Princeton offense

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The Princeton offense is an offensive basketball strategy which emphasizes constant motion, passing, back-door cuts, picks on and off the ball, and disciplined teamwork. It was used and perfected at Princeton University by Pete Carril, though its roots may be traced back to Franklin “Cappy” Cappon, who coached Princeton in the late 1930s,[1] and Bernard "Red" Sarachek, who coached at Yeshiva University from 1938 to 1977.[2]

The offense is designed for a unit of 5 players who can each pass, shoot and dribble at an above average level. It attempts to isolate and exploit a mismatch using these skills.[3] Positions become less important and on offense there is no point guard, shooting guard, small forward or power forward.[4]

The offense usually starts out with four players outside the three-point arc with one player at the top of the key. The ball is kept in constant motion through passing until either a mismatch allows a player to cut to the basket or a player without the ball cuts toward the unoccupied area under and around the basket, and is passed the ball for a layup. Having a strong post player is important because this player is critical to passing to backdoor cutters, and can draw help defense to open outside shots.

The hallmark of the offense is the backdoor pass, where a player on the wing suddenly moves in towards the basket, receives a bounce pass from a guard on the perimeter, and (if done correctly) finds himself with no defenders between him and a layup. Alternatively, when the defensive team attempts to pack the paint to prevent backdoor cuts, the offense utilizes three point shots from the perimeter. All five players in the offense—including the center—should be competent at making a three point attempt, further spreading the floor.

The offense is often a very slow developing one, relying on a high number of passes, and is often used in college basketball by teams facing opponents with superior athletic talent, to maintain a low-scoring game (believing that a high-scoring game would favor the athletically superior opponent). As a result, Princeton has led the nation in scoring defense 19 times including every year from 1989–2000.[5]

Examples of use

Versions of the Princeton offense have been run by the Cleveland Cavaliers, New Orleans Hornets, New Jersey Nets, Sacramento Kings, Washington Wizards, and Los Angeles Lakers[6] in the NBA. A modified version based on Peter Carril's system was introduced by Rick Adelman to the Houston Rockets during the 2007-08 season.[7] Coach Alvin Gentry also implemented an altered version of it, that shows similarities to the triangle offense, during the Phoenix Suns' 2012-13 NBA season. Coach Eddie Jordan implemented this offense while coach of both the Washington Wizards (2003–2008) and the Philadelphia 76ers (2009–2010).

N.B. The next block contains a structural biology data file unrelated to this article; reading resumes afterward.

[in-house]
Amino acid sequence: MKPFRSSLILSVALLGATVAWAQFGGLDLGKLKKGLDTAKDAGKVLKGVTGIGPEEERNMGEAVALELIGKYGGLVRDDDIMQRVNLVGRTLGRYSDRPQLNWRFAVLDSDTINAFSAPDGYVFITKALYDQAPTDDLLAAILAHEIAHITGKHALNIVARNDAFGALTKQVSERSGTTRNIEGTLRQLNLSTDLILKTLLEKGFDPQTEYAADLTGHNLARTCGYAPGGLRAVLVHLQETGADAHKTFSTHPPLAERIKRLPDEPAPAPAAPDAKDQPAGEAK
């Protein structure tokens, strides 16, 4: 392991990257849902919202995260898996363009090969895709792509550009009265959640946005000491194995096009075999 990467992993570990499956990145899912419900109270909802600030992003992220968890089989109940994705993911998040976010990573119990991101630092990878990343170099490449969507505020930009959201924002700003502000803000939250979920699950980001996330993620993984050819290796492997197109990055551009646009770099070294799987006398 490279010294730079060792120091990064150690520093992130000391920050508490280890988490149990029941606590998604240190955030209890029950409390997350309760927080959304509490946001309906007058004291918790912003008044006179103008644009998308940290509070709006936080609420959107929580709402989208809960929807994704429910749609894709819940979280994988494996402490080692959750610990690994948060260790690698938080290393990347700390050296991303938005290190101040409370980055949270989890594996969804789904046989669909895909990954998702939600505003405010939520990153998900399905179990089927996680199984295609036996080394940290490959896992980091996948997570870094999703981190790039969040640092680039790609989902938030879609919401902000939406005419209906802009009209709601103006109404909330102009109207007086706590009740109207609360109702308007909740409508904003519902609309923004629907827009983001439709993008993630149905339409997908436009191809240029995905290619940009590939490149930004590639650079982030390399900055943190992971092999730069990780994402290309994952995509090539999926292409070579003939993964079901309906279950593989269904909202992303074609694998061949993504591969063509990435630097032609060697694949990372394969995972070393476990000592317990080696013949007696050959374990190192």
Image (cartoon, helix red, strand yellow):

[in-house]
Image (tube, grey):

Some of the college teams best known for utilizing the offense (besides Princeton) are:

At the NCAA II Level:

At the Division III Level: St. Thomas University, St. Paul, MN Under John Tauer PHD

At the High School Level:

Use at Princeton

During his tenure at Princeton (1967–1996), Carril compiled a 514-261 (.658 winning percentage) record. His teams won 13 Ivy League championships during his 29-year tenure with the Tigers, and received 11 NCAA Tournament bids and two NIT berths. Princeton captured the NIT title in 1975.

After his retirement from Princeton, Carril served as an assistant coach for the NBA's Sacramento Kings until 2006. During his time with Sacramento, Carril helped Rick Adelman, who became the Kings' head coach in 1998, install the Princeton offense.

Pete Carril returned to the Sacramento Kings during the 2008-2009 season as a consultant.

Former Princeton Tigers men's basketball coach Sydney Johnson and his predecessors Bill Carmody, John Thompson III and Joe Scott have all employed the Princeton offense.[3]


  1. "Cappon Succumbs To Heart Attack: 'Cappy' Dies After Practice At Princeton". Holland Evening Sentinel. 1961-11-30.
  2. "Red Sarachek Dies At 93, November 16, 2005". MacsLive. Retrieved March 22, 2010.<templatestyles src="Module:Citation/CS1/styles.css"></templatestyles>
  3. 3.0 3.1 Plutnicki, Ken (2009-02-10). "The Quad Q.& A.: Princeton Coach Sydney Johnson". The New York Times. Retrieved 2011-03-13.<templatestyles src="Module:Citation/CS1/styles.css"></templatestyles>
  4. Wallace, William N. (1995-02-25). "Carril Demands Versatility". The New York Times. Retrieved 2011-11-06.<templatestyles src="Module:Citation/CS1/styles.css"></templatestyles>
  5. "Division I Records" (PDF). National Collegiate Athletic Association. p. 48. Retrieved 2010-09-24.<templatestyles src="Module:Citation/CS1/styles.css"></templatestyles>
  6. Shelburne, Ramona (November 2, 2012). "Kobe stresses patience with offense". Los Angeles Times. Archived from the original on November 2, 2012. Unknown parameter |deadurl= ignored (help)<templatestyles src="Module:Citation/CS1/styles.css"></templatestyles>
  7. Feigen, Jonathan (October 7, 2007). "Rockets wowed by Adelman's offense". Houston Chronicle. Retrieved 6 August 2012.<templatestyles src="Module:Citation/CS1/styles.css"></templatestyles>